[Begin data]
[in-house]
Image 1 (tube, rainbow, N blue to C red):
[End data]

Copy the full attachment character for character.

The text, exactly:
[in-house]
Image 1 (tube, rainbow, N blue to C red):